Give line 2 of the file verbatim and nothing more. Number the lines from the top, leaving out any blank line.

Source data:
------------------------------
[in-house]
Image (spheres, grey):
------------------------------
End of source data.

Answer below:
Image (spheres, grey):